This growing segment of pros returning to natural terrain pushed board designers to start offering their riders highly-specific, highly-functional shapes meant to destroy natural terrain in deep snow. Burton released the Fish in 2002 sparking a shape revolution that is still taking place. By looking back at the functional shapes developed to ride pow before snowboards were even allowed on chair lifts, designers had stumbled upon an almost forgotten market segment: the all-mountain freerider. Sure there were ‘all mountain’ shapes available between 2002-present, but they were essentially just bigger park boards with a directional flex pattern. It wasn’t until boards like the Fish and Malolo were released that designers were able to start to step outside the ‘popsicle stick’ box and start playing with more ideas for what kind of shape works in a snowboard.
Always an artist, Corey Smith. http://springbreaksnowboards.com/
That spirit of innovation and experimentation is alive and well today in snowboarding. Renaissance men like Corey Smith (Spring Break) and Taro Tamai (Gentemstick) are leading the shape revolution by putting shapes out there that are not only aesthetically pleasing, but are also a blast to ride in almost any conditions. Take a look at the offerings at from nearly every manufacturer at this year’s tradeshow and it’s safe to say we’re in the midst of a paradigm shift regarding snowboard design.
Bet our forefathers never thought to add wild animals to snowboard events! Josh Dirksen.
Certainly the most important aspect of the snowboard renaissance is the re-birth of snowboard culture. We are beginning to take our sport back from those who wish to exploit it. We as snowboarders are saying “fuck you” to the mainstream just as we did in the 80s and 90s. This backlash is expressed in events like the Holy Bowly, Gerry Lopez Big Wave challenge, and the Dirksen Derby, which step away from traditional competitive formats in favor of accessibility and self-expression.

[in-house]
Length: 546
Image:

If you are reading this, you have a stake in snowboarding’s future. You are part of the renaissance. We don’t need the support of companies who don’t care about snowboarding to survive. We need the support of companies and individuals who believe in the spirit of snowboarding. The re-emergence of legends like Jamie Lynn, Brian Iguchi, and Chris Roach emphasize this point. Meanwhile crews like the Yawgoons, Jupiter People, Warp Wave, and the Lot Lizards embody this movement with a renewed focus on not only progression, creativity and style; but a DIY soul that harkens back to the classic period of riding during the mid 90s.
Some argued that having the mainstream spotlight shine on the sport was good for it, and for a time snowboarding’s popularity exploded. As fate would have it, this growth was not sustainable and left some questioning “Has snowboarding lost its edge?”
Snowboarding has not lost its edge.
Sure the numbers in some jackass’s financial ledger may suggest that snowboarding is in decline, but we’re just trimming the fat. This era is arguably the most exciting time to be a snowboarder since the golden era of the mid 1990s. We are in the middle of a snowboard renaissance and the course we are poised to take moving forward has the perspective of the past to guide it in a direction that we as snowboarders should be proud of.
If you can ride it, ride it. Photo: Sean Callaghan, ICKS.